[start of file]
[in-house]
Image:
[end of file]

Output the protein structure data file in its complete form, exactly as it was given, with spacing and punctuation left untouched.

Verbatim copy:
[in-house]
Image: